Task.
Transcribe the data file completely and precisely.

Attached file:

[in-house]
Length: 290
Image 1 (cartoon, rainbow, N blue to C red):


[in-house]
Length: 290
Image 1 (cartoon, rainbow, N blue to C red):